Chameleon mouth open

CAMTHECHAM

New Member
Hey guys!
I was just wondering if my panther chameleon has an RI or not.
I looked at his cage today and saw him with his mouth wide open but looked closer and there was no saliva or anything in his mouth.
So I went into his cage he crawled up to my arm and i listened by my ear for any forced breathing. the only thing i heard was the thing he does anyway when he doesn't like what I'm doing. (A little nose hiss)
he is pretty close to his lamp when he does this so I think it might just be him regulating his temperatures but i can't be sure.
Thanks!:)
 

carol5208

Chameleon Enthusiast
If he is only doing it when close to the lamp then he is getting overheated and trying to cool down. What is the basking temp? I would try lowering it and see if that helps.
 
Usually they do that to cool down. if this only happens occasionally, I recommend misting them when you see this behavior and that should be enough. If this is a daily occurrence change the light fixture of the bulb into something with a wider area not a focus beam. If that doesn't help change the bulb. I myself have multiple fixtures and bulbs depending on the weather and season.
 

Crazy126

New Member
From what I have been told and this comes from Herptologist and other professionals ( NO NOT THE PETSMART GUY.:D) Typically unless it is URI or something of that nature then the reptile is gaping. Most think this is a cooling down response and technically it is but its more of a micromanage of heat. Reptiles do this when there temps are pretty much dead on what they are needing to be. This is of course assuming that they have other areas in there containment that are a little above and a little below normal to go to. If the whole living space is the same temp then yes to hot. Chameleons and Bearded Dragons, both of which I own, there tanks range from a little above normal temps to a little below. The wonderful thing about these reptiles is they will self acclimate. If they are overly hot they will move to a cooler place. This is why it is important to give them a range in there containment. With that being said If your containment has a range that goes a from little above to a little below there normal range and you catch him/her gaping then they are where they want and need to be. They are just micromanaging there temp to keep it more steady so to speak. Again and this is very important. THIS is only if they have a range in there containment WHICH IS A MUST...;)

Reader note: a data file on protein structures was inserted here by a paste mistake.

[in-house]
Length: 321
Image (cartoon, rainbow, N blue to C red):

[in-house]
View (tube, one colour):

fluxlizard

Avid Member
With that being said If your containment has a range that goes a from little above to a little below there normal range and you catch him/her gaping then they are where they want and need to be. They are just micromanaging there temp to keep it more steady so to speak.
This is spot on correct and is the correct way to look at lizard husbandry.

Nature doesn't provide 86.5 basking sites and lizards may choose to heat up a little warmer than normal for whatever biological reasons (kicking the digestion up a notch, fighting an mild infection, etc). When they do this, they may gape and pant. As long as the behavior is not forced (by no thermogradient or no escape from the heat or by a simple and unnatural hot spot/cold cage) then it is perfectly normal.

Just as normal as a dog lying in the sun or near a fire in the fireplace panting when there is shade nearby. When you see a dog doing this you don't run out and spray him down with water to cool him down or quickly extinguish the fire in the fireplace.
 
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